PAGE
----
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Comment & Response |

Family-Based Replication Study of Schizophrenia Genes

Karolina A. Aberg, PhD1; Edwin J. C. G. van den Oord, PhD1
[+] Author Affiliations
1Center for Biomarker Research and Personalized Medicine, Virginia Commonwealth University, Richmond
JAMA Psychiatry. 2014;71(10):1195-1196. doi:10.1001/jamapsychiatry.2014.375.
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To the Editor In response to our family-based replication study of schizophrenia genes,1 Lazzeroni2 expressed concerns regarding the interpretation of the replication results and argued that simpler studies may ultimately yield faster progress in psychiatric genetics.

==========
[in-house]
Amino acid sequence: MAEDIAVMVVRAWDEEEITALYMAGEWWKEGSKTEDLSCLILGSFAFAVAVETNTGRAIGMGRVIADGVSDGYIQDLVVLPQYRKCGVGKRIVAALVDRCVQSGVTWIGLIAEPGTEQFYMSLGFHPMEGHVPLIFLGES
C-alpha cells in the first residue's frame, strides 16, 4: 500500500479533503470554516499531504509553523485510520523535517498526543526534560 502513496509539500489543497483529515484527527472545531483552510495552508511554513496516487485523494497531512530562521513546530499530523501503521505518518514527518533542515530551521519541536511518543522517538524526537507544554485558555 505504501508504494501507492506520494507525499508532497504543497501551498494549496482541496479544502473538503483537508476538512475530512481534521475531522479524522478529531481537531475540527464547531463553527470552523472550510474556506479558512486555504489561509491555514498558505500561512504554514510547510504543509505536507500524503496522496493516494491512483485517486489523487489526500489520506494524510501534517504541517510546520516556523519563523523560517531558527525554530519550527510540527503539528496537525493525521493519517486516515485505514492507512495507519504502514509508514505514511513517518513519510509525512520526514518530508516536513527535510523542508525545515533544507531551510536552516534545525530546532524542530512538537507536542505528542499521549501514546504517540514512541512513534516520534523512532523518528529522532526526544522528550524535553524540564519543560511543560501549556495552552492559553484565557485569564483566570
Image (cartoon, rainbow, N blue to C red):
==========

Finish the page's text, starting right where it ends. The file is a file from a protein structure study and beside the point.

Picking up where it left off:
We presented 4 arguments that speak to the replication status of our results: (1) the highly significant enrichment of single-nucleotide polymorphisms (SNPs) with small P values in the replication; (2) an 89% to 93% agreement between the direction of effects in our case-control genome-wide association study meta-analysis used to select SNPs and the SNPs that replicated; (3) several findings that replicated across ancestral groups; and (4) replicating SNPs were organized in meaningful biological patterns. Lazzeroni2 focused mainly on the second argument. Based on a simulation study involving 800 unrelated cases and control individuals, she suggested that odds ratios greater than 1 may be enriched among the top results (even if none of the SNPs have an effect) and that this artifact could potentially have caused the high agreement in our study. On behalf of the Family-Based Replication Consortium, we have 2 responses.

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